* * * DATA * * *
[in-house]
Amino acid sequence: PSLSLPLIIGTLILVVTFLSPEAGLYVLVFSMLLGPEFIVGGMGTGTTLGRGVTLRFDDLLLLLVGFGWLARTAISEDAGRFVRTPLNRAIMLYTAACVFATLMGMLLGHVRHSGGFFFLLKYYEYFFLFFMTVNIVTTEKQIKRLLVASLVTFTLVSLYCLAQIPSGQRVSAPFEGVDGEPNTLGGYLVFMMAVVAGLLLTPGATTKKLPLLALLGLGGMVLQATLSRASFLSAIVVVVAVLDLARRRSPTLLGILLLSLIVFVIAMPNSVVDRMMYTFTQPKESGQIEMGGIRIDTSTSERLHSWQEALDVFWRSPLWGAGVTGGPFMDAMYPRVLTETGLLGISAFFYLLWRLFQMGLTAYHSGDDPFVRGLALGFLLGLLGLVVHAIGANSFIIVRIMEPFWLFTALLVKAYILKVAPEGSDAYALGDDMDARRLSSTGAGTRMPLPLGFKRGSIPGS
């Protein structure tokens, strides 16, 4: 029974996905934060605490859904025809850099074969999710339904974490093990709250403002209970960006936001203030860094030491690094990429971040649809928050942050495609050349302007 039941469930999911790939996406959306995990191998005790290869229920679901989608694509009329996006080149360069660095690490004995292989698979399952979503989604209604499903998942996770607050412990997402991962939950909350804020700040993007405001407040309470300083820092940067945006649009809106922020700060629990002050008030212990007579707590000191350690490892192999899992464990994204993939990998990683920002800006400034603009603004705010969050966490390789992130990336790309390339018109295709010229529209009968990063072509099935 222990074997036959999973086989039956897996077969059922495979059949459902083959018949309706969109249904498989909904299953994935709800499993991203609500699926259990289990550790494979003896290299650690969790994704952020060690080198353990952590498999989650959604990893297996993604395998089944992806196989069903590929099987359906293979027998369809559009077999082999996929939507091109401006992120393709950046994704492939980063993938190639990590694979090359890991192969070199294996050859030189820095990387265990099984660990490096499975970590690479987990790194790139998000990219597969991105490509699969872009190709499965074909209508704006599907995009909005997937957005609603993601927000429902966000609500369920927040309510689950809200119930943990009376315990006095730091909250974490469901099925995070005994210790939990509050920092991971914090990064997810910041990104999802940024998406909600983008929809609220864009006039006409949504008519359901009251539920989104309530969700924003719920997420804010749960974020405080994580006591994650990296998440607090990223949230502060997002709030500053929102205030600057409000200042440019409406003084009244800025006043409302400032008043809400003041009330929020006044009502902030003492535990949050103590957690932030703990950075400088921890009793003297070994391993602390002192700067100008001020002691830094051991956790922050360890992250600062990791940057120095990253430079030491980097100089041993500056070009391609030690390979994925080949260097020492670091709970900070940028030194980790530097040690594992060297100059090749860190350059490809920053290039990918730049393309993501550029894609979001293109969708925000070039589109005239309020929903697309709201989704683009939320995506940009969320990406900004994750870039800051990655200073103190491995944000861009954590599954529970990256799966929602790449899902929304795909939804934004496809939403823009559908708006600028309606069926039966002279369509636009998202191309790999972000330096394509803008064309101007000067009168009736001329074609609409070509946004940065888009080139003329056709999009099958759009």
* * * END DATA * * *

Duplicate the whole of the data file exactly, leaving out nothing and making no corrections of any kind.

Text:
[in-house]
Amino acid sequence: PSLSLPLIIGTLILVVTFLSPEAGLYVLVFSMLLGPEFIVGGMGTGTTLGRGVTLRFDDLLLLLVGFGWLARTAISEDAGRFVRTPLNRAIMLYTAACVFATLMGMLLGHVRHSGGFFFLLKYYEYFFLFFMTVNIVTTEKQIKRLLVASLVTFTLVSLYCLAQIPSGQRVSAPFEGVDGEPNTLGGYLVFMMAVVAGLLLTPGATTKKLPLLALLGLGGMVLQATLSRASFLSAIVVVVAVLDLARRRSPTLLGILLLSLIVFVIAMPNSVVDRMMYTFTQPKESGQIEMGGIRIDTSTSERLHSWQEALDVFWRSPLWGAGVTGGPFMDAMYPRVLTETGLLGISAFFYLLWRLFQMGLTAYHSGDDPFVRGLALGFLLGLLGLVVHAIGANSFIIVRIMEPFWLFTALLVKAYILKVAPEGSDAYALGDDMDARRLSSTGAGTRMPLPLGFKRGSIPGS
């Protein structure tokens, strides 16, 4: 029974996905934060605490859904025809850099074969999710339904974490093990709250403002209970960006936001203030860094030491690094990429971040649809928050942050495609050349302007 039941469930999911790939996406959306995990191998005790290869229920679901989608694509009329996006080149360069660095690490004995292989698979399952979503989604209604499903998942996770607050412990997402991962939950909350804020700040993007405001407040309470300083820092940067945006649009809106922020700060629990002050008030212990007579707590000191350690490892192999899992464990994204993939990998990683920002800006400034603009603004705010969050966490390789992130990336790309390339018109295709010229529209009968990063072509099935 222990074997036959999973086989039956897996077969059922495979059949459902083959018949309706969109249904498989909904299953994935709800499993991203609500699926259990289990550790494979003896290299650690969790994704952020060690080198353990952590498999989650959604990893297996993604395998089944992806196989069903590929099987359906293979027998369809559009077999082999996929939507091109401006992120393709950046994704492939980063993938190639990590694979090359890991192969070199294996050859030189820095990387265990099984660990490096499975970590690479987990790194790139998000990219597969991105490509699969872009190709499965074909209508704006599907995009909005997937957005609603993601927000429902966000609500369920927040309510689950809200119930943990009376315990006095730091909250974490469901099925995070005994210790939990509050920092991971914090990064997810910041990104999802940024998406909600983008929809609220864009006039006409949504008519359901009251539920989104309530969700924003719920997420804010749960974020405080994580006591994650990296998440607090990223949230502060997002709030500053929102205030600057409000200042440019409406003084009244800025006043409302400032008043809400003041009330929020006044009502902030003492535990949050103590957690932030703990950075400088921890009793003297070994391993602390002192700067100008001020002691830094051991956790922050360890992250600062990791940057120095990253430079030491980097100089041993500056070009391609030690390979994925080949260097020492670091709970900070940028030194980790530097040690594992060297100059090749860190350059490809920053290039990918730049393309993501550029894609979001293109969708925000070039589109005239309020929903697309709201989704683009939320995506940009969320990406900004994750870039800051990655200073103190491995944000861009954590599954529970990256799966929602790449899902929304795909939804934004496809939403823009559908708006600028309606069926039966002279369509636009998202191309790999972000330096394509803008064309101007000067009168009736001329074609609409070509946004940065888009080139003329056709999009099958759009």